Halloween celebrates death and its focus is on reaching out to the dead. The origins of Halloween come from a pagan background and it has strong roots with practices that connect with the dead and evil spirits. Both are practices God has warned not to partake in Deuteronomy 18:10-12 simply because we do not know the spirits we are encountering. Dressing up as a demon/ghoul/ghost and screaming at a demon (which are very real) will not stop a demon possession contrary to what Halloween customs teach. Demon possession is real and flirting with celebrations that encourage this practice is dangerous if you don’t have the spiritual maturity to handle it. And even if you don’t believe it, as parents we are protective of what our kids watch on TV, but when it comes to Halloween – it’s just harmless fun.

The thing is many don’t understand the spiritual attack that can come from participating in Halloween and I’ve seen many Christian families shrink away saying their children will take no part in the activities. I don’t blame them.

Yet, I have a different view.

For me, we won’t be celebrating or offering treats because our girls are too young to understand a witch or scary ghoul knocking on the door is not real.

But I know Esther will ask me about it next year when she’s at school because this year the school that Esther will attend is sponsoring a community event in our suburb. So what is seen as evil and demonic, is actually bringing our community together.

My response is rather than rebuke the celebration, I will join our community and represent a godly aspect to Halloween. Similar to a Red Frog response to Schoolies Week.

Halloween is the perfect time for us Christians to talk about the afterlife. What do we think happens when we die? Are there really ghosts? Are there demons? Are there good spirits and bad spirits? What about angels? Is there a God? The questions can be numerous and if Christians are to shut their doors on Halloween, we’ve lost an opportunity to love our community and to offer an answer that our community is desperately searching for – and it’s quite simply the meaning of life and is there an afterlife? Halloween stemmed from a fascination with the afterlife, and if Christians aren’t there to offer an answer, how are people to understand or know the hope we have in Jesus? Instead they see religious fun police saying ‘you shall not do this…’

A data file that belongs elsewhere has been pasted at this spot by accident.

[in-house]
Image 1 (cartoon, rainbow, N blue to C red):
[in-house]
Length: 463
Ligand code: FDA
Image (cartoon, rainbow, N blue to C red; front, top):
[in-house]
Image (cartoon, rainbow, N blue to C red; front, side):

Some Christians may view this response as wrong, and yes, I could be ‘flirting’ with danger, but for me I see it as an opportunity to love and to get to know my neighbors better.

In what aspect we take part next year, I don’t know. But maybe we will open our home for trick and treating and offer positive affirmations attached to lollies. I know Esther would get more joy from giving away than receiving. But I’m also mindful of her little mind seeing scary people rock up on her front door. I’m still not exactly sure what to do.

After being encouraged this week to find my ‘word’ about my current circumstances and situations, I derived my response to Halloween from reading 1 Corinthians 10:23-33, with special emphasis on 31 and 33.

‘So whatever you eat or drink or whatever you do, do it all for the glory of God. Do not cause anyone to stumble, whether Jews, Greeks or the church of God – even as I try to please everyone in every way. For I am not seeking my own good but the good of many so that they may be saved.”

These verses can be read as to not partake in anything evil so you don’t cause a brother or sister to stumble, but allowing them to stumble blindly with no Christian representation, I believe, is a lost opportunity. God is not surprised by Halloween and I think Jesus would have said a word or two about the afterlife. And any demonic activity would be stopped in His name. He would be there rebuking demons and setting people free.

And that is why Christians shouldn’t shy away from Halloween. You don’t have to ‘celebrate’ it by getting dressed up, but you can make a difference by offering an alternative that sows hope and life into the child that encounters your front door.

What do you think about Halloween? I am open to all opinions and discussions.